This is a book review series of The Excellent Wife by Martha Peace. If you are just joining us, you may click on previous chapter reviews if you’d like to catch up.
Chapter One – Chapter Two – Chapter Three – Chapter Four – Chapter Five – Chapter Six – Chapter Seven – Chapter Eight – Chapter Nine – Chapter Ten – Chapter Eleven – Chapter Twelve – Chapter Thirteen – Chapter Fourteen – Chapter Fifteen – Chapter Sixteen – Chapter Seventeen
Chapter Eighteen is titled, “The Wife’s Anger: Overcoming Impatience.” Otherwise titled, “Impatience and Anger: Kathi’s Feelings About this Book.”
I took a guess at what would be covered in this chapter and I don’t mean to brag, but I think I’ve got Martha Peace pretty much nailed down. As with other chapters, there are lists for how to biblically correct your sinful anger. To spare you, I’ll summarize the chapter: Anger is sinful. Repent of your sinful ways. Be gentle with your husband, not angry.
Throughout this chapter Peace talks about how “many women” use anger as a way to manipulate their husbands to get what they want. Anger is also described as the catalyst of ruined marriages. I agree that anger used in a manipulative or abusive way is not healthy. The problem with Peace’s teaching is that it’s an all-or-nothing attitude, and there are no exceptions:
Righteous anger is a rare occurrence. It is only right that other’s heinous crimes make us angry. Certainly, it is only right that murdering unborn babies makes us angry. However, most of the time our anger is not righteous, it is sinful. Even biblically justifiable anger is often sinful coming from us. You can know your anger is righteous if in spite of provocation, you continue to think “true… honorable… right… pure… lovely… good… repute… excellent… and worthy of praise (to God)” thoughts (Philippians 4:8). In addition, you must also “not take into account a wrong suffered” and “not be provoked” (I Corinthians 13:5). Otherwise, your anger is not honoring to God. It is sinful.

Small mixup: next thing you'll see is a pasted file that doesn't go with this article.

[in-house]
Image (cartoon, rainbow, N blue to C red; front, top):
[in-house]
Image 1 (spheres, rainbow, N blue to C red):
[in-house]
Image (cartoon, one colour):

I’m not quite sure how Martha Peace became the all-knowing expert on determining if someone’s anger is righteous or not, but she makes it clear that anger is not acceptable. On this I have to disagree. There are times where anger is appropriate. Anger on its own is not a bad emotion; it’s simply a part of the human experience. Anger becomes a problem when harm is inflicted.
Since Peace’s teachings are based upon biblical counseling, I thought it would be interesting to read what Heath Lambert, Executive Director of the Association of Certified Biblical Counselors, says about evaluating our anger:
Well I think that first of all we should be very suspicious of ourselves. So, when we are asking the question, ‘how do I know if my anger is sinful or righteous?’ we ought to be suspicious of ourselves. It is very easy for people to assume the best about our emotions and our experience. The Bible does not give us any warrant for that assumption; the Bible teaches us that our hearts are desperately wicked and beyond cure. So we ought to wonder when we have an experience whether it is right, we should not jump to the conclusion that it is. So, it could be that our experience of anger is righteous, but it is very likely that it is not righteous.
Is there any wonder that Peace states that righteous anger is a “rare occurrence?” The entire thought in the biblical counseling movement is that people are not capable of assessing their own feelings and that we cannot trust ourselves. It’s the perpetuating lie that people are never good enough in God’s eyes that is bothering. Honestly, it makes me angry. And I think God is okay with me feeling this way.